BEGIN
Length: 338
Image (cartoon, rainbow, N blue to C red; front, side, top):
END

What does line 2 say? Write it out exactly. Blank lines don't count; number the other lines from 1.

Image (cartoon, rainbow, N blue to C red; front, side, top):